Enjoy a Lucrative Career and Make a Difference Helping Others

If you are passionate about the field of dental medicine, serving others and helping them get healthy, a career as an orthodontist could be fulfilling and exciting. Orthodontists are dentists who help correct problems with dental alignment, bite and facial development. Several years of schooling will reward you with a meaningful career and a sizable salary to help provide a financial future for your children.

Job Description

Orthodontists meet with patients to assess dental health, take medical histories and determine the best course of treatment to correct tooth alignment and bite issues. Diagnostic tests like X-rays and dental impressions help you design custom treatment plans for each patient. You will educate patients on the care of their braces, retainers, spacers, block appliances and other devices. Sometimes, you'll administer numbing medication for orthodontic procedures or prescribe medications for aftercare. Orthodontics frequently work with other dentists, dental hygienists, and other professionals on teams that serve patients.

Education Requirements

Dentists must complete a bachelor's degree, including certain courses in the sciences, and then complete four years of dental school, followed by a state licensing exam. To become an orthodontist, you must also complete a two- to three-year residency in orthodontics and take a clinical and written exam to obtain certification from the American Board of Orthodontics. Expect your entire education to last 10 to 12 years from start to finish.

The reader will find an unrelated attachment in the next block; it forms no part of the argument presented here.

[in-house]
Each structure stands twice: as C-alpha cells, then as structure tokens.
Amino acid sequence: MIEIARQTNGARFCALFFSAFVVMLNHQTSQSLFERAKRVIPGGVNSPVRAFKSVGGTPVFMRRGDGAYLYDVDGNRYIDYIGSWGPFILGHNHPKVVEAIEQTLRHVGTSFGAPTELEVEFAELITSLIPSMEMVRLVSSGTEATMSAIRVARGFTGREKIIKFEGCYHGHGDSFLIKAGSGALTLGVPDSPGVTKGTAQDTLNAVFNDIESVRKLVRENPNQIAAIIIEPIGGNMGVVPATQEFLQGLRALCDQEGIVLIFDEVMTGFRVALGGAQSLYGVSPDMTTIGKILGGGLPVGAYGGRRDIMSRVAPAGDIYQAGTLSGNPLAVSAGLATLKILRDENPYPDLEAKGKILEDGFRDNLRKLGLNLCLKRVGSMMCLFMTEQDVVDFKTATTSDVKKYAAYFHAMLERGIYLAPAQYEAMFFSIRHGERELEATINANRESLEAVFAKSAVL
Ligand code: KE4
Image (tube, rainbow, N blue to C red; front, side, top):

The median salary for all dentists is an impressive $208,000 per year, which means that half earn more than this, while the other half earns less. Those in the bottom 10 percent could earn less than $91,580, but the prospects of earning more than $208,000 per year are also good, with places like Alabama offering a median salary of $287,250.

About the Industry

Orthodontists work in dental health offices, either alone or as part of a larger practice. Some practices are made up of multiple orthodontists, while others comprise a mixture of general dentists and specialists. Dental offices might be located in large medical complexes, in smaller business parks, or in stand-alone buildings. Orthodontists generally keep regular business hours, and many enjoy full benefits.

Years of Experience

Expect your income as an orthodontist to vary with years of experience, geographic place of practice and employer. While income projections for the field are sparse, they all indicate a lucrative career. One projection guesses that as an entry-level orthodontist you can expect to make $70,878 to $228,609 annually, with the median starting salary around $154,331. With a national median salary of $208,000 per year, it's clear that this is a financially rewarding career. Consider starting your practice in a lucrative state like North Carolina, Alabama, Texas or Colorado to increase your starting salary and earning potential.

Job Growth Trend

Job opportunities for all dentists, including orthodontists, is expected to increase by 17 percent in the next decade, which is much faster than in other industries. With a growing population and access to dental services, orthodontists can expect to have plenty of opportunity to establish a rewarding practice and client base.

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